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Dr. Dovid Krinsky

11 June 2024

One evening, the Rebbe’s wife, Rebbetzin Chaya Mushka, called 770, as she often would, to speak with the Rebbe. The Rebbe often worked late, but on this occasion the secretary who answered informed her that he had left some time before, and was not in 770 anymore.

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Now, it doesn’t take much time to get from 770 to the Rebbe’s house; it was long past when the Rebbe should have arrived home. Calls began to go back and forth. Nobody, not even the Rebbetzin, knew where he was; it was like the Rebbe had disappeared. Nor did anybody know the whereabouts of his car, or of Rabbi Yehuda Krinsky, the Rebbe’s secretary who would normally drive him.
Word got out, and before long, a crowd of concerned people began to form in front of the Rebbe’s house. They were debating among themselves, wondering what to do, when all of a sudden the Rebbe’s car pulled up. He got out, smiled to the chasidim as he often would, went up the stairs, and closed the door.
The Rebbe had disappeared, and nobody knew where or why – only that he was back. For a couple of hours, there were only three people in the world who knew, and I was one of them.
Several years ago, when Rabbi Krinsky, who is my uncle, was sitting shiva after the passing of his wife, I visited him to give my consolations. While I was sitting with him, a certain man was escorted in through the crowd and seated right in front of my uncle. My uncle then introduced me to him as “the Rebbe’s dentist.”
Hearing this description for the first time surprised me. True, it was with the Rebbe’s encouragement that I had practiced and taught dentistry for years, and that he had pushed me to accept a particular position on the faculty of Columbia Dental School. But I hadn’t felt free to mention to anyone that the Rebbe also had a more direct connection with my dentistry. Only after hearing my uncle say this publicly did I feel comfortable telling this story.
It was probably in the early 1980s when Rabbi Krinsky called me one day to say that the Rebbe needed a certain dental procedure. This was already uncommon. Normally, patients don’t call requesting a specific treatment.
“Are we certain that’s what he needs?” Yes, he replied. That was what the Rebbe had told him.
Rabbi Krinsky wanted to know whether it could be done right away, in my Boro Park office, with no other staff assisting, or anyone else present. There were some logistics to be worked out, but the answer was yes.
There were also some other considerations. Since the Rebbe had sustained a heart attack in 1977, he had been advised to avoid certain medications, including one commonly used in dentistry, and so I was asked to avoid it as well. As it happened, I had been spending years trying to educate physicians that the amount of this particular substance that we use is so slight that it wouldn’t be a problem. So I called the Rebbe’s cardiologist in Chicago, Dr. Ira Weiss, but I got myself educated in turn. He explained that there is a certain variation of a heart condition in which even tiny amounts of this medication could have a deleterious effect on the heart.
Next, the Rebbe directed that we did not have to use anesthesia. In forty-five years of practice, several patients have asked to have this same procedure done without dental anesthetic and I’ve refused all of them, even when they insisted that they could tolerate the pain: “Maybe you can take it, but I can’t,” I told them.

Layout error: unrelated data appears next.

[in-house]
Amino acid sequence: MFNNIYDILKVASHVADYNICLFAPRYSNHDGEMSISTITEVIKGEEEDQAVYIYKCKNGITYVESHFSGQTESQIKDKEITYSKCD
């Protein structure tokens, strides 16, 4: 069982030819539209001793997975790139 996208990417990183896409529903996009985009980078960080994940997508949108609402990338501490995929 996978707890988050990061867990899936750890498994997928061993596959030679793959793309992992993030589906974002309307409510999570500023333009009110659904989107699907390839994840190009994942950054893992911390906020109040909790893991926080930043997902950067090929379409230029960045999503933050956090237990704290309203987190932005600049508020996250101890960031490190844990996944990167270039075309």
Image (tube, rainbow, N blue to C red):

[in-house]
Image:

“But the Rebbe said to do it without anesthesia,” insisted Rabbi Krinsky. I figured I would talk to the Rebbe about it when he came.
The third consideration was financial. The Rebbe instructed that I must receive payment. That was a tough one; how could I bill the Rebbe? The standard fee for the procedure at that time was 20 dollars, so after much thought, I decided to tell him that his fee was 10 dollars; at least I wouldn’t be charging in full.
When the Rebbe came in, a few hours after we closed the office, everything went smoothly.
After seating and examining him, I saw that the procedure was, in fact, exactly what he needed. I also saw that his procedure would not be difficult for him and could even be done without anesthesia. This was the only instance I have ever seen where this was the case, but the Rebbe had known it in advance.
I finished, the Rebbe got off the chair, and we began walking back toward the reception area. As we did, the Rebbe asked me, slowly, in English, how I had evaluated the difficulty of the procedure, and how much he owed me.
“It was actually easier than I expected, and the charge is 10 dollars,” I replied, as I had decided earlier. The Rebbe continued to engage me in conversation – about superficial things like my family or my job – while he took out some bills from his pocket. He thumbed through some singles, some fives, some tens, and then handed me a twenty.
I didn’t want to take it from him, and tried to find a gap in the conversation to say so, but it wasn’t there; the Rebbe had already moved on to the next subject. I also didn’t want him to stand holding his hand out, so I took the bill.
“But Rebbe,” I finally got in. “This is not the right amount.”
“That was your evaluation,” he explained. “This is my evaluation.”
Rabbi Krinsky then came in to drive the Rebbe home.
The experience was a little surreal for me; I hadn’t been nervous, but it felt like it had all happened in a different reality.
As to why the Rebbe’s disappearance became such a mystery: The Rebbe and the Rebbetzin were in the habit of trying not to worry each other, and so he simply hadn’t told her, or anyone else, that he was going to the dentist!
Dr. Dovid Krinsky, a retired dentist – who also taught dentistry for twenty years at Columbia University College of Dental Medicine – lives in Woodmere, New York. He was interviewed in April 2023.